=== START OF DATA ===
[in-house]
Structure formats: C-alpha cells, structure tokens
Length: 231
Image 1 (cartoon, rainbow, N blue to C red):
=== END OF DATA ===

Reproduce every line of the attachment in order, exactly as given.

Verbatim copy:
[in-house]
Structure formats: C-alpha cells, structure tokens
Length: 231
Image 1 (cartoon, rainbow, N blue to C red):